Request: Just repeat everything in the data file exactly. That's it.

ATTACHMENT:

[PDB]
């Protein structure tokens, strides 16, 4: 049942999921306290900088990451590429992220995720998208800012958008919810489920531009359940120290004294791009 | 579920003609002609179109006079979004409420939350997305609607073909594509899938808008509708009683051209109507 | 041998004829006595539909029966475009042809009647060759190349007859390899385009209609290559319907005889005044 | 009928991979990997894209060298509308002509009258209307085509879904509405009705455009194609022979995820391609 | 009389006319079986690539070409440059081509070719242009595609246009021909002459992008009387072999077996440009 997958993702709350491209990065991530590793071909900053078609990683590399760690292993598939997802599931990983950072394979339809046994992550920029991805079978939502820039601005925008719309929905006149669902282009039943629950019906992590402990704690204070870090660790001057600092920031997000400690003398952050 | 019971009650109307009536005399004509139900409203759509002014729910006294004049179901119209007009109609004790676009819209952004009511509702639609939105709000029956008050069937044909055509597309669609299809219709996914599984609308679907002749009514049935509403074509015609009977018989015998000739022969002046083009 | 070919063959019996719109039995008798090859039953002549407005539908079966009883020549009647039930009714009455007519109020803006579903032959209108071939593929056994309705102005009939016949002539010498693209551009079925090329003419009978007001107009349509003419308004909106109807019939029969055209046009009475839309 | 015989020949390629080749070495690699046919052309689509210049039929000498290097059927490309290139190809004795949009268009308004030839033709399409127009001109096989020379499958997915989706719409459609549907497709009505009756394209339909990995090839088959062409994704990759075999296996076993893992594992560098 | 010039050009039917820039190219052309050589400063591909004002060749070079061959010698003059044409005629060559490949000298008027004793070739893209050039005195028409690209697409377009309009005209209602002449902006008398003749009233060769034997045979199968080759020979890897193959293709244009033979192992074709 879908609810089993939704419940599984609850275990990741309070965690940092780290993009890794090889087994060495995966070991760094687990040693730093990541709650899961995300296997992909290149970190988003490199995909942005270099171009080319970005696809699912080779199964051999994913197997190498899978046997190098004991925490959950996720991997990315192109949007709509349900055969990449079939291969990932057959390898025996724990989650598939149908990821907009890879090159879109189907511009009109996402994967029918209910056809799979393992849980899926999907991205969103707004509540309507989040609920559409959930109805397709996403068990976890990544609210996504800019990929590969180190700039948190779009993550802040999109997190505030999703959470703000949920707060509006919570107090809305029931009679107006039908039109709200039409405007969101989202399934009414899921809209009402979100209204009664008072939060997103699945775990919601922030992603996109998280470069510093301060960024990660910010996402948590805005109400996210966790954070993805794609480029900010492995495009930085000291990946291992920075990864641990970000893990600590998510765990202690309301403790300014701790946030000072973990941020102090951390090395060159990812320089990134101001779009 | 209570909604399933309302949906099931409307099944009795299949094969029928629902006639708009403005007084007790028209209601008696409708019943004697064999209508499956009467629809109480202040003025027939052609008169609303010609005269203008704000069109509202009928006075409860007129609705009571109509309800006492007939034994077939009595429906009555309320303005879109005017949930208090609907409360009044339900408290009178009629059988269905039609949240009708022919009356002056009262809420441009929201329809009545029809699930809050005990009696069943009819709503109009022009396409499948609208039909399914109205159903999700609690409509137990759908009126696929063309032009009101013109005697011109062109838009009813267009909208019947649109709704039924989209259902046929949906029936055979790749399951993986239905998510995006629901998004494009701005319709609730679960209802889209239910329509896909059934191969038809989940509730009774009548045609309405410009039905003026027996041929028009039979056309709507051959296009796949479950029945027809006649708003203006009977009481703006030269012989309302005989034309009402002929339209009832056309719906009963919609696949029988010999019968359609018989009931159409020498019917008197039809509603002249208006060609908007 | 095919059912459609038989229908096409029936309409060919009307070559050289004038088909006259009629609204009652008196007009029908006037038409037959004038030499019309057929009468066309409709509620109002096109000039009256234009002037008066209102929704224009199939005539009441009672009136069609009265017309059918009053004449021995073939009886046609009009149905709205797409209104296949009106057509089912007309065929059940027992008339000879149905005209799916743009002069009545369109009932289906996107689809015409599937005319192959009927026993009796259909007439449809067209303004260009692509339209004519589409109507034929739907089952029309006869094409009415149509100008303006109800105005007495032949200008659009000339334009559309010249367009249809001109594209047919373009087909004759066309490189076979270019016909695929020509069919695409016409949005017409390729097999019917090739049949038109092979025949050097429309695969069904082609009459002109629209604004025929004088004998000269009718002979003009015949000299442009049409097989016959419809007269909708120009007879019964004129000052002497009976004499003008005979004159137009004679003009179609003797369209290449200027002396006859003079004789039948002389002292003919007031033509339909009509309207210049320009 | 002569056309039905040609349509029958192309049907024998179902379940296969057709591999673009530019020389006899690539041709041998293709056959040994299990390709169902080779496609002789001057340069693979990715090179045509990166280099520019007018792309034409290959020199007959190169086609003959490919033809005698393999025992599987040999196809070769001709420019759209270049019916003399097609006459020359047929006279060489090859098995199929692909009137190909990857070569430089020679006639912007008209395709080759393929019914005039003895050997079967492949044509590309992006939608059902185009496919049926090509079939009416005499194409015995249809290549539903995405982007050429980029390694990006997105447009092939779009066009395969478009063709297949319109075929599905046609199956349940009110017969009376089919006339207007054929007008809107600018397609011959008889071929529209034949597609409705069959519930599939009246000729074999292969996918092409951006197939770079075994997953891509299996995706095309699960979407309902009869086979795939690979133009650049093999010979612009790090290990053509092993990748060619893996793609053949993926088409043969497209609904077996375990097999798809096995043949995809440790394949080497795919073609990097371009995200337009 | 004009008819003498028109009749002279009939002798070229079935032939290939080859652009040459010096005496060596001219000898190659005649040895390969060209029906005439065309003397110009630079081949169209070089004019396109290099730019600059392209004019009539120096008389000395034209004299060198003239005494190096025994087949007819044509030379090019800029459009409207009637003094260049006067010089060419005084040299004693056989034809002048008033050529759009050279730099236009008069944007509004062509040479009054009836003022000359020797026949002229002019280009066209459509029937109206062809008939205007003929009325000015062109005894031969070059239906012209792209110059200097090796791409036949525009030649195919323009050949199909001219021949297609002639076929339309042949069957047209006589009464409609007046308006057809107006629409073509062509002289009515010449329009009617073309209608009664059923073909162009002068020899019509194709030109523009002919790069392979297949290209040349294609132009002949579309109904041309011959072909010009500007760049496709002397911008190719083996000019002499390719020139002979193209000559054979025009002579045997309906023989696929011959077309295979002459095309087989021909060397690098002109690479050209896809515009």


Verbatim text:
[PDB]
């Protein structure tokens, strides 16, 4: 049942999921306290900088990451590429992220995720998208800012958008919810489920531009359940120290004294791009 | 579920003609002609179109006079979004409420939350997305609607073909594509899938808008509708009683051209109507 | 041998004829006595539909029966475009042809009647060759190349007859390899385009209609290559319907005889005044 | 009928991979990997894209060298509308002509009258209307085509879904509405009705455009194609022979995820391609 | 009389006319079986690539070409440059081509070719242009595609246009021909002459992008009387072999077996440009 997958993702709350491209990065991530590793071909900053078609990683590399760690292993598939997802599931990983950072394979339809046994992550920029991805079978939502820039601005925008719309929905006149669902282009039943629950019906992590402990704690204070870090660790001057600092920031997000400690003398952050 | 019971009650109307009536005399004509139900409203759509002014729910006294004049179901119209007009109609004790676009819209952004009511509702639609939105709000029956008050069937044909055509597309669609299809219709996914599984609308679907002749009514049935509403074509015609009977018989015998000739022969002046083009 | 070919063959019996719109039995008798090859039953002549407005539908079966009883020549009647039930009714009455007519109020803006579903032959209108071939593929056994309705102005009939016949002539010498693209551009079925090329003419009978007001107009349509003419308004909106109807019939029969055209046009009475839309 | 015989020949390629080749070495690699046919052309689509210049039929000498290097059927490309290139190809004795949009268009308004030839033709399409127009001109096989020379499958997915989706719409459609549907497709009505009756394209339909990995090839088959062409994704990759075999296996076993893992594992560098 | 010039050009039917820039190219052309050589400063591909004002060749070079061959010698003059044409005629060559490949000298008027004793070739893209050039005195028409690209697409377009309009005209209602002449902006008398003749009233060769034997045979199968080759020979890897193959293709244009033979192992074709 879908609810089993939704419940599984609850275990990741309070965690940092780290993009890794090889087994060495995966070991760094687990040693730093990541709650899961995300296997992909290149970190988003490199995909942005270099171009080319970005696809699912080779199964051999994913197997190498899978046997190098004991925490959950996720991997990315192109949007709509349900055969990449079939291969990932057959390898025996724990989650598939149908990821907009890879090159879109189907511009009109996402994967029918209910056809799979393992849980899926999907991205969103707004509540309507989040609920559409959930109805397709996403068990976890990544609210996504800019990929590969180190700039948190779009993550802040999109997190505030999703959470703000949920707060509006919570107090809305029931009679107006039908039109709200039409405007969101989202399934009414899921809209009402979100209204009664008072939060997103699945775990919601922030992603996109998280470069510093301060960024990660910010996402948590805005109400996210966790954070993805794609480029900010492995495009930085000291990946291992920075990864641990970000893990600590998510765990202690309301403790300014701790946030000072973990941020102090951390090395060159990812320089990134101001779009 | 209570909604399933309302949906099931409307099944009795299949094969029928629902006639708009403005007084007790028209209601008696409708019943004697064999209508499956009467629809109480202040003025027939052609008169609303010609005269203008704000069109509202009928006075409860007129609705009571109509309800006492007939034994077939009595429906009555309320303005879109005017949930208090609907409360009044339900408290009178009629059988269905039609949240009708022919009356002056009262809420441009929201329809009545029809699930809050005990009696069943009819709503109009022009396409499948609208039909399914109205159903999700609690409509137990759908009126696929063309032009009101013109005697011109062109838009009813267009909208019947649109709704039924989209259902046929949906029936055979790749399951993986239905998510995006629901998004494009701005319709609730679960209802889209239910329509896909059934191969038809989940509730009774009548045609309405410009039905003026027996041929028009039979056309709507051959296009796949479950029945027809006649708003203006009977009481703006030269012989309302005989034309009402002929339209009832056309719906009963919609696949029988010999019968359609018989009931159409020498019917008197039809509603002249208006060609908007 | 095919059912459609038989229908096409029936309409060919009307070559050289004038088909006259009629609204009652008196007009029908006037038409037959004038030499019309057929009468066309409709509620109002096109000039009256234009002037008066209102929704224009199939005539009441009672009136069609009265017309059918009053004449021995073939009886046609009009149905709205797409209104296949009106057509089912007309065929059940027992008339000879149905005209799916743009002069009545369109009932289906996107689809015409599937005319192959009927026993009796259909007439449809067209303004260009692509339209004519589409109507034929739907089952029309006869094409009415149509100008303006109800105005007495032949200008659009000339334009559309010249367009249809001109594209047919373009087909004759066309490189076979270019016909695929020509069919695409016409949005017409390729097999019917090739049949038109092979025949050097429309695969069904082609009459002109629209604004025929004088004998000269009718002979003009015949000299442009049409097989016959419809007269909708120009007879019964004129000052002497009976004499003008005979004159137009004679003009179609003797369209290449200027002396006859003079004789039948002389002292003919007031033509339909009509309207210049320009 | 002569056309039905040609349509029958192309049907024998179902379940296969057709591999673009530019020389006899690539041709041998293709056959040994299990390709169902080779496609002789001057340069693979990715090179045509990166280099520019007018792309034409290959020199007959190169086609003959490919033809005698393999025992599987040999196809070769001709420019759209270049019916003399097609006459020359047929006279060489090859098995199929692909009137190909990857070569430089020679006639912007008209395709080759393929019914005039003895050997079967492949044509590309992006939608059902185009496919049926090509079939009416005499194409015995249809290549539903995405982007050429980029390694990006997105447009092939779009066009395969478009063709297949319109075929599905046609199956349940009110017969009376089919006339207007054929007008809107600018397609011959008889071929529209034949597609409705069959519930599939009246000729074999292969996918092409951006197939770079075994997953891509299996995706095309699960979407309902009869086979795939690979133009650049093999010979612009790090290990053509092993990748060619893996793609053949993926088409043969497209609904077996375990097999798809096995043949995809440790394949080497795919073609990097371009995200337009 | 004009008819003498028109009749002279009939002798070229079935032939290939080859652009040459010096005496060596001219000898190659005649040895390969060209029906005439065309003397110009630079081949169209070089004019396109290099730019600059392209004019009539120096008389000395034209004299060198003239005494190096025994087949007819044509030379090019800029459009409207009637003094260049006067010089060419005084040299004693056989034809002048008033050529759009050279730099236009008069944007509004062509040479009054009836003022000359020797026949002229002019280009066209459509029937109206062809008939205007003929009325000015062109005894031969070059239906012209792209110059200097090796791409036949525009030649195919323009050949199909001219021949297609002639076929339309042949069957047209006589009464409609007046308006057809107006629409073509062509002289009515010449329009009617073309209608009664059923073909162009002068020899019509194709030109523009002919790069392979297949290209040349294609132009002949579309109904041309011959072909010009500007760049496709002397911008190719083996000019002499390719020139002979193209000559054979025009002579045997309906023989696929011959077309295979002459095309087989021909060397690098002109690479050209896809515009």